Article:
Bus slowdownBy Gordon Y.K. Pang
expected to end today
and Mary Adamski
Arriving late is an experience hundreds of city bus passengers have shared this week, but it wasn't sufficient excuse to exempt several public school students from detentions Wednesday.
"I was 10 minutes late and so were 14 students," said teacher Lucille Mohika, who asked that her school not be identified. "Some got marked tardy and got detention even though I could confirm the reason."
"The thing that made it so bad was the bus driver's attitude," said Mohika, who rides a bus through downtown Honolulu. "I understand the idea of safety, but he kept bragging about taking it slow, safety first. He was being real arrogant. This morning it was a different driver, and he apologized for being late."
Passengers at the Alapai Street bus terminal yesterday had a variety of reactions to the safety slowdown staged this week by TheBus drivers.
Mayor Jeremy Harris and Oahu Transit Services officials are calling it a misunderstanding leading to the slowdown in TheBus routes since Monday.
Service was expected to return to normal today following a meeting between Harris and Ron Kozuma, financial secretary for Teamsters Local 996, which represents the city's 800 bus drivers.
TheBus and the city have logged more than 600 complaints about buses running as much as 40 minutes late.
Union officials, who could not be reached for comment yesterday, denied ordering a slowdown and described their action as part of a "Safety First" campaign.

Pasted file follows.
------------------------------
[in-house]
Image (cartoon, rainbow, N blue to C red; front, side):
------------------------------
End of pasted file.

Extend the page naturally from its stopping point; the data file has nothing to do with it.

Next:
The campaign warned drivers not to go over the speed limit, overtake other buses or start moving until all passengers are seated. They said HPD had changed its policy and officers were ready to cite bus drivers.
Union officials cited an August memorandum from a police Traffic Division captain to patrol officers instructing them to treat TheBus drivers the same as other motorists.
HPD spokeswoman Michelle Yu said Deputy Chief William Clark rescinded the memorandum yesterday after learning about it.
Yu said police brass believe the memo gave a false impression to officers that they should "cite instead of warn" bus drivers.
Roger Morton, Oahu Transit Services operations vice president, said he can't recall if his drivers have had any citations this year, despite the union warnings. Typically, TheBus gets about three citations annually, he said.
Morton and Oahu Transit Services President Jim Cowan said they were bothered that union officials gave the impression that TheBus executives were to blame for the slowdown.
Cowan said he believes union leaders blamed bus administrators for the situation with police as a show of muscle before a coming Teamsters election.
Cowan said HPD requested a meeting with TheBus officials after police and the city complaint's office reported receiving a number of complaints of unsafe driving.